The ASBMB advances diversity, equity, and inclusion in science by offering the Marion B. Sewer Distinguished Scholarship to students who demonstrate an interest in the fields of biochemistry and molecular biology and enhance diversity in science. We support this. This award provides up to $2,000 toward undergraduate tuition for one academic year. Applications will be accepted until June 1st. Please apply.
Join the Art of Science Communication mailing list
Would you like priority notification when the next Art of Science Communication course is available? Join the ASC mailing list to receive access to the course application two days before it goes public. Mailing list recipients also receive information on relevant scientific communications provided by the ASBMB.
Hecmarie Meléndez–Fernández spent the fall as an intern on the ASBMB’s Education, Professional Development and Outreach team. His Meléndez–Fernández, a West Virginia University candidate for a doctorate in neuroscience, was tasked with coordinating a virtual event for early-career scientists interested in his academic background. The first event, a webinar on Determining His Style of Leadership and A Guide to His Lab Members Creating His Documents, will be held in his November, and other events will continue to roll out through the spring.
From left: New JBC Deputy Editors Sarah O’Connor, Philip Cole and Joan Broderick.
New JBC Deputy Editor
Sarah O’Connor, Philip Cole, and Joan Broderick are the latest associate editors of the Journal of Biological Chemistry. O’Connor’s lab at the Max Planck Institute for Chemical Ecology studies the biosynthesis of natural products. Cole is a physician and researcher at his School of Medicine at Harvard, where his lab studies signal transduction, epigenetics, and post-translational modifications associated with cancer. O’Connor and Cole began his term in May. Broderick is an authority on enzymology and leads the Chemistry and Biochemistry Division at Montana State University. Her lab focuses on her assembly of iron-sulfur clusters, biological radical reactions, and biological metal clusters. She will begin her term in January.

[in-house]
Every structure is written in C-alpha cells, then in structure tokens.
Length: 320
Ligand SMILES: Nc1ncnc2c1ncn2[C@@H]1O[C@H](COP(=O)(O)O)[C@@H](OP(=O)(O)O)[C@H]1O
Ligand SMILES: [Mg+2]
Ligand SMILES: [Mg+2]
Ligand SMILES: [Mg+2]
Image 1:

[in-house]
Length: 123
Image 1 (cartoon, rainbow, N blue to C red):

Journal of Biological Chemistry: Hypothetical Problems of Epigenetic Regulation
The ASBMB hosted a conference on the interplay of epigenetic regulation and genomic stability in Seattle in September. In our virtual companion issue, the editor of the Journal of Biological Chemistry presents ten of his recent articles praising progress in this important and rapidly changing field. The editor writes: Regulation of gene expression that allows organisms to adapt to changing environments. Epigenetic regulation also increases the functional complexity of DNA by altering chromatin structure, nuclear organization, and transcriptional stability. As a leader in publishing high-quality science in biochemistry and molecular as well as biology, JBC has conducted a significant amount of research in this exciting field over the years. ” Read the question.
Journal of Biological Chemistry: Hypothetical Problems of RNA Polymerase II and Transcriptional Regulation
The ASBMB held a conference in Snowbird, Utah in September titled “Transcriptional Regulation: Chromatin and RNA Polymerase II.” In a virtual companion issue compiled by the Journal of Biological Chemistry, the editors present ten recent articles highlighting new and relevant research. The editor writes: , and other factors that regulate gene expression. (JBC) have published a considerable amount of research papers over the years in this important area.
Molecular & Cellular Proteomics: Special Issue on Immune Peptidomics
Experts and thought leaders in immunopeptidomics share their findings and perspectives on this flourishing research field in a special issue of Molecular & Cellular Proteomics. The editor writes: “Peptide antigen biosynthesis is a complex process shaped not only by environmental stimuli, but also by specific proteolytic enzymes located in different organelles. , and relies primarily on mass spectrometry analysis of peptides eluted from (major histocompatibility complex), but mass spectrometry alone does not reveal antigens hidden by MHC molecules. Not enough to reveal a full repertoire.” Read the issue.